Alex: "Close enough for government work.".
Kelsey: And if it's only ever reflected in dialog, that's where it feels thin to me. I don't like having to listen to a character justify why they're about to ask me to do something bonkers. But what I do love is when the other elements of the game reinforce what's going on.
Alex: Yeah, well, if you can use it to flesh out some aspect of the world and the characters in it. I mean, if you gave me the bread thing, then I would have the player discover after completing the bread mission that it had nothing to do with the bread. The bread was a lie. Which you fell for.
Kelsey: Or conversely, I suppose if we have a scene earlier on where we established, like, this guy is fucking bonkers for bread, man. Then later you can do the opposite where he's like, no, the bread isn't worth it. Take the medicine instead. Like, we don't have room for the bread. Then you're like, wow, this guy's serious. He's foregoing his bread. This is a silly, silly example. But it’s got to mean something. It's not "Hey, this guy really likes bread go do a bread quest."
The thing that worked with the Nomai was having those conversations physically in the world. There's space devoted to it physically. But then also, that reveal is not purely done via text. If you've been to the Sun Station, it's really intense visually. The design is just genius. And there's a part where you blow the emergency exit doors, I believe, and you have to jump right over the surface of the sun. And it's such an intense thing. And then to learn this intense information, it syncs up really nicely. I want gameplay and narrative to be as interwoven as humanly possible. They should be the same cloth.
Alex: I think one of the reasons that Outer Wilds is successful is because you iterated back and forth, and story had a veto. You could say no, that breaks the story, that breaks the world. Let me come back and give you something that they would do, that is almost exactly the same thing.
Kelsey: I can find that. Yeah. Yeah.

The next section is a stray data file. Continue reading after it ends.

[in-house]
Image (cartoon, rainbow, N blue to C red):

Alex: You can never say no. Screw you. Not going to do that. But you have to be able to say, that doesn't work, let me come back with something that will work for you.
I find that the key question is, what exactly do you really need here? Because nine out of ten times what design needs isn't the whole thing. It's this little bit here that they really need. The other stuff is they're just trying to help you flesh out the world or the story. So you go, right, I will give you another thing that gives you the same little bit. And don't worry about coming up with the story, I got you.
Kelsey: One of the most useful skills you can have in this job is just being able to look at what someone is asking you to do and finding why. Because people are not good necessarily at saying why they want a certain thing. When I am pitching an idea, I'll say, I want to do this because I think it'll be a cool, emotional moment. It will reinforce this particular story. Because the opposite is also true, sometimes I will be asking another dev, hey, can we do this? And he's like, oh, God, what? No, no. But I'm not asking if we can do this exact thing.
Alex: We're all bad at talking to other disciplines. We tend to express ourselves imprecisely and they hear the worst possible version of that. "Oh, God, no, we can't completely remodel and rerig his head." We're like, "Wait, no, actually I just need him to wear a hat." "Ohhhhh. He can wear a hat, sure."
Kelsey: This circles back to why it's tough to be remote all the time. I like to have a lot of water cooler conversations with different departments so that I can get a better understanding of how they work. Where do they spend the bulk of their time on a particular project? What is cost effective to ask them to do and why?
Alex: That's a great idea, asking people where they're spending their time. People think that writers spend most of our time writing dialog. And I keep telling people, no, dialog is the easiest thing. I can write dialog all day long. I can, I have written a 50 page TV script in three days. What takes time is figuring out, like, what three items could be in this room that would tell the story of who lived here and how and why they died, without dialog. Something like that could legit take all day. Because an artist is going to spend a whole day making one of those things, so it better be evocative. Delivering narrative without resorting to dialog or readables, that's hard.
Kelsey: I love taking direction. But when I can't ask questions back and push back a little and say, well, hey, what are we really trying to say with this mission? Or what's the ideal player experience here?
Alex: Do you find that that's a difficult series of questions to ask?
Kelsey: No, I find it's a difficult series of questions to find a platform to ask. With games like Outer Wilds, especially on small projects and indie projects where I'm the writer, I have that face to face time to chat with them about it. I can ask questions. It's not coming from, like super high up your directors and everything trickling down--
Alex: It's the process of filtering it down to you where the context gets stripped. And you end up with marching orders. And you can’t as, "Why do we have to take that hill? Would another hill work for you?".
Kelsey: Right, by the time you've got marching orders, it's too late to be going back up the chain and saying, like, hey, I think maybe we've got the wrong boots on? It's nothing malicious on anyone's part by a long shot. It's just that with smaller groups, people tend to hear you right away. And I think indie games in some ways are a little more willing to have lost time and lost work.